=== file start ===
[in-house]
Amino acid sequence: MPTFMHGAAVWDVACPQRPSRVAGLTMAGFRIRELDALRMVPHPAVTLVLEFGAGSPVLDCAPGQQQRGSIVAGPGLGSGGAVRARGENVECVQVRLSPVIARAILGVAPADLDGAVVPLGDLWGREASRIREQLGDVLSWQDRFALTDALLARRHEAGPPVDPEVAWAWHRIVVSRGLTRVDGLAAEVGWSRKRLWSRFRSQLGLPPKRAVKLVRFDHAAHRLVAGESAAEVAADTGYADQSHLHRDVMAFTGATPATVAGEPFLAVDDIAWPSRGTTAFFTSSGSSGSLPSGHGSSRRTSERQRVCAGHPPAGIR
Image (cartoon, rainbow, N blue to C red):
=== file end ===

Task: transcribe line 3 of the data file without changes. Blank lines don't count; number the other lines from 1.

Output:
Image (cartoon, rainbow, N blue to C red):